The word “peculiar” today usually means “odd, strange.” But it is not so used here. The Greek word speaks of the unique, private, personal ownership of the saints by God.11

Church Screenshot #4: We are citizens of the same nation (2:9-10)

“But you are a chosen race, a royal priesthood, a holy nation, a people for His possession, so that you may proclaim the praises of the One who called you out of darkness into His marvelous light. Once you were not a people, but now you are God’s people; you had not received mercy, but now you have received mercy.” (1 Peter 2:9–10, HCSB)

1 Peter 2:10 reflects back the Old Testament prophet Hosea.

“She conceived again and gave birth to a daughter, and the Lord said to him: Name her No Compassion, for I will no longer have compassion on the house of Israel. I will certainly take them away.” (Hosea 1:6, HCSB)

“Then the Lord said: Name him Not My People, for you are not My people, and I will not be your God.” (Hosea 1:9, HCSB)

To the prophet Hosea, God tells Him that God’s people are not His people and He will not have compassion on them. Peter reverses this trend. In Hosea, the reason was because the people rejected God. Here, Peter is reassuring Christians that God will not reject them.

As Arnold Fruchtenbaum notes: This is a favorite passage for those who teach Replacement Theology. They teach that what the Old Testament stated to be true of Israel, Peter now applies and states to be true of the Church. Thus, they conclude that the Church has replaced Israel. However, there is no hint in the epistle that Peter is addressing the Church as a whole. On the contrary, in the epistle’s introduction (1:1–2), he stated that he was addressing Jewish believers who specifically comprised what was the then Remnant of Israel—the Israel of God. It is important to recognize that the contrast Peter makes here is not between the Church and Israel, or between believers and non-believers, or between unbelieving Jews and believing Gentiles. Rather, the contrast here is between the Remnant and the Non-Remnant of Israel. Peter’s point is that while Israel the whole failed to fulfill its calling, the Remnant of Israel has not failed to fulfill its calling.12

So do these verses apply to us as Christians? While the original context is for Jewish believers, the verses apply to the entire church as a group as well. We may not be a nation, but other verses teach that we are a royal priesthood, that we are chosen, and that we are holy. The church did not replace Israel. God still has a timeline for Israel. That is the point of Daniel 9:27. At the same time, God is still giving us as the church a continual chance to reach everyone – even Jews – for the Gospel.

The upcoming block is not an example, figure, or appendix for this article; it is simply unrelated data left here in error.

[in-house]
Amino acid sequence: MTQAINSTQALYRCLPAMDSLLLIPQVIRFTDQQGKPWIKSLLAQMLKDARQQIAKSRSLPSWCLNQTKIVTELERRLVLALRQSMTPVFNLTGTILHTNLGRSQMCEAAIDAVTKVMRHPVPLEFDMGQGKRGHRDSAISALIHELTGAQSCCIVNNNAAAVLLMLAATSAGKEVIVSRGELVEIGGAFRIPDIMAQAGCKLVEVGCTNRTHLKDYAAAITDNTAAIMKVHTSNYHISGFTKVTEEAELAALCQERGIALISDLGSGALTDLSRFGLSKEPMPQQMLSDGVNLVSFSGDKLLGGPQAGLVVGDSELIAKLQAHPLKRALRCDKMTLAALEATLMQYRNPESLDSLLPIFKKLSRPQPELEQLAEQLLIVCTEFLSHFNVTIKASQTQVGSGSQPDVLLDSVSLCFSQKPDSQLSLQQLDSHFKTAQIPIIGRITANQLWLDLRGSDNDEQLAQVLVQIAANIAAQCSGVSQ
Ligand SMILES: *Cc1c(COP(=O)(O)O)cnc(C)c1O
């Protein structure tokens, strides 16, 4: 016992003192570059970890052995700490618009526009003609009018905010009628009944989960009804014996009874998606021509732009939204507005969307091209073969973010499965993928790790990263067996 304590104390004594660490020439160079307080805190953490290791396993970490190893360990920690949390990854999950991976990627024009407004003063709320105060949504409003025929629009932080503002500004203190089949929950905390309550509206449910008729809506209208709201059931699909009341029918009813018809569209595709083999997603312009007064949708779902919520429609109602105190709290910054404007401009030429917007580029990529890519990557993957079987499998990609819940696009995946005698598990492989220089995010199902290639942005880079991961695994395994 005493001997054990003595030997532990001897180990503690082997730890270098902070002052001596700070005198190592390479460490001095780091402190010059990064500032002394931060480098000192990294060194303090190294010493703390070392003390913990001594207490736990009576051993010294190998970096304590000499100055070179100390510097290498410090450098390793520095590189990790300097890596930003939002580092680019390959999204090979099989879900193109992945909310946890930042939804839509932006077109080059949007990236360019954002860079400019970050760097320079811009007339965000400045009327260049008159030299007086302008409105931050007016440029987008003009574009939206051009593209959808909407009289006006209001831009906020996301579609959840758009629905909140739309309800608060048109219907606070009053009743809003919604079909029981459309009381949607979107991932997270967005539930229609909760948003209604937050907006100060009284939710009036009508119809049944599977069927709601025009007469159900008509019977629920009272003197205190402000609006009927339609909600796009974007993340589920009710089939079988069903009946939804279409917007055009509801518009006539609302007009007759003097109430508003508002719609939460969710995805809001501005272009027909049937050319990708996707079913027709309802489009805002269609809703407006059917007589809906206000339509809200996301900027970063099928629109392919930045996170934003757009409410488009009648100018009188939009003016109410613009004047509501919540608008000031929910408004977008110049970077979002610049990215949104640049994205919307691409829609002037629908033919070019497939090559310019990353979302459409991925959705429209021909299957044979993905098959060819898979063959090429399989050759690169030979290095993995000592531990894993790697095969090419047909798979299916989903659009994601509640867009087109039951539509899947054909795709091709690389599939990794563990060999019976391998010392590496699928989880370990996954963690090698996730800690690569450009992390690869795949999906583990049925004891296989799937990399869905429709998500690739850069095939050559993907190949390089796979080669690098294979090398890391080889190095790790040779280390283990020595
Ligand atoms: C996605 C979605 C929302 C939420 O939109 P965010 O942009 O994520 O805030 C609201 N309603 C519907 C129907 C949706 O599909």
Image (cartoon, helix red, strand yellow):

1 Jon Courson, Jon Courson’s Application Commentary (Nashville, TN: Thomas Nelson, 2003), 1550.

2 G. K. Beale and D. A. Carson, Commentary on the New Testament Use of the Old Testament (Grand Rapids, MI;  Nottingham, UK: Baker Academic;  Apollos, 2007), 1019.

3 Curtis Vaughan, “1 Peter,” in The Teacher’s Bible Commentary, ed. H. Franklin Paschall and Herschel H. Hobbs (Nashville: Broadman and Holman Publishers, 1972), 786.

4 G. K. Beale and D. A. Carson, Commentary on the New Testament Use of the Old Testament (Grand Rapids, MI;  Nottingham, UK: Baker Academic;  Apollos, 2007), 1022.

5 Paul A. Cedar and Lloyd J. Ogilvie, James / 1 & 2 Peter / Jude, vol. 34, The Preacher’s Commentary Series (Nashville, TN: Thomas Nelson Inc, 1984), 131–134.

6 Kenneth S. Wuest, Wuest’s Word Studies from the Greek New Testament: For the English Reader (Grand Rapids: Eerdmans, 1997), 1 Pe 2:2.

7 Paul A. Cedar and Lloyd J. Ogilvie, James / 1 & 2 Peter / Jude, vol. 34, The Preacher’s Commentary Series (Nashville, TN: Thomas Nelson Inc, 1984), 136–137.

8 Warren W. Wiersbe, The Bible Exposition Commentary, vol. 2 (Wheaton, IL: Victor Books, 1996), 401.

9 Arnold G. Fruchtenbaum, The Messianic Jewish Epistles: Hebrews, James, First Peter, Second Peter, Jude, 1st ed. (Tustin, CA: Ariel Ministries, 2005), 341.

10 Paul A. Cedar and Lloyd J. Ogilvie, James / 1 & 2 Peter / Jude, vol. 34, The Preacher’s Commentary Series (Nashville, TN: Thomas Nelson Inc, 1984), 139.

11 Kenneth S. Wuest, Wuest’s Word Studies from the Greek New Testament: For the English Reader (Grand Rapids: Eerdmans, 1997), 1 Pe 2:9.

12 Arnold G. Fruchtenbaum, The Messianic Jewish Epistles: Hebrews, James, First Peter, Second Peter, Jude, 1st ed. (Tustin, CA: Ariel Ministries, 2005), 344.